What was your motivation to run for the office of Mayor of Coronado in 2008?
I had paid attention to local politics as I grew up in Coronado and as I began to read extensively about US History, I started to contemplate the possibilities of running for office some day in Coronado. When I was 24, I saw an article in the local paper listing the filing deadline for running for the City Council and I decided to make a run for office. While I ended up finishing fourth out of eight candidates, I received a lot of encouragement to run again, so I gave it another try two years later and won. I was a City Councilman for six years prior to my election as Mayor in 2008, and in that year, the incumbent was retiring, so I thought it was a good opportunity to try to make the leap from Council to Mayor. I also felt that I could provide continuity with our last Mayor because I had learned the ropes from my time on the City Council.
What do you feel is the most significant thing you do as Mayor of Coronado?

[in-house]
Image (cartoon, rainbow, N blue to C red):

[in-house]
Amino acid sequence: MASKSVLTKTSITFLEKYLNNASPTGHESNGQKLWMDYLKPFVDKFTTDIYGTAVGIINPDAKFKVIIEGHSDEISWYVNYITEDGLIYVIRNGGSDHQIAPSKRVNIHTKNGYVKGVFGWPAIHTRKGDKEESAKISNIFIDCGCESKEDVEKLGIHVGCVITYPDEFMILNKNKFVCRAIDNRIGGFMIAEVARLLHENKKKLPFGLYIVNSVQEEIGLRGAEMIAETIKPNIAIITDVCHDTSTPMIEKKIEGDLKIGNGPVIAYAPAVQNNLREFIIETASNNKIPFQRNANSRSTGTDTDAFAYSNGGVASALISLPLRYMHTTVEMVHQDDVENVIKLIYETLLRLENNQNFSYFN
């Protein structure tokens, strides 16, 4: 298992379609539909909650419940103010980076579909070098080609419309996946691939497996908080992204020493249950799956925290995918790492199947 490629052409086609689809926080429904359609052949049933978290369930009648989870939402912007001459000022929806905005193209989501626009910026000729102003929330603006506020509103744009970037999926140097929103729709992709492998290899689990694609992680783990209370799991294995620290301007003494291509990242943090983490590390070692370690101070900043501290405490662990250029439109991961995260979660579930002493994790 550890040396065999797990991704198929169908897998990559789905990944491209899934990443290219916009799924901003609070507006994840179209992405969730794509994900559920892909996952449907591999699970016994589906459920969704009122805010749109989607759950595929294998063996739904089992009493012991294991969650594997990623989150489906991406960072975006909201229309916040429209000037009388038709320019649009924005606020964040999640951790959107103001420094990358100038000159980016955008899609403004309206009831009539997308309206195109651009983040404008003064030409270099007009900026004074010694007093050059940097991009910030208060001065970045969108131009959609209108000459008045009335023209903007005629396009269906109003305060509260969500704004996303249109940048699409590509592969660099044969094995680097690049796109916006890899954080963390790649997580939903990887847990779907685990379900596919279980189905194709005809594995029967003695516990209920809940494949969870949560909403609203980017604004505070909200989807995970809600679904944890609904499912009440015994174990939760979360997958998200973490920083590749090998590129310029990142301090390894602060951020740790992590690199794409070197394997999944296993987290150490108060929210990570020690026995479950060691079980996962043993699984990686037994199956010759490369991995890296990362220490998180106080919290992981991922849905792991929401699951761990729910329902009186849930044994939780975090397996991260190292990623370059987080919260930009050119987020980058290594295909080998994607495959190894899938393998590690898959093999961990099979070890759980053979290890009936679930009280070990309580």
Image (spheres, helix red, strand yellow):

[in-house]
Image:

The most significant thing I do as Mayor is to serve as a liaison between the City's government and the people it serves. Many people are mystified or misinformed about how local government is structured and I frequently help people to understand how the City's government is either equipped to deal with their problems or how the City's government is not the public agency responsible for their problem. I either connect people to the resources they are looking for in Coronado or to the appropriate one in another part of government in the County. The other important aspect of my job is to run City Council meetings. It is my job to make sure that all five members of the Council have their chance to explain their positions and then to help the majority find its voice in making a final decision on whatever matter is before us as a Council.
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